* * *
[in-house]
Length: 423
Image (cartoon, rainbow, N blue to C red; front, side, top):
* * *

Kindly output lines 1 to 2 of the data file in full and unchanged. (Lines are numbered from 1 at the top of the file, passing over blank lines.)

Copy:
[in-house]
Length: 423